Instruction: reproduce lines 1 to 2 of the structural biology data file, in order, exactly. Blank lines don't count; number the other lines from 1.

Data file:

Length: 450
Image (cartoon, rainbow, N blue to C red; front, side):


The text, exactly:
Length: 450
Image (cartoon, rainbow, N blue to C red; front, side):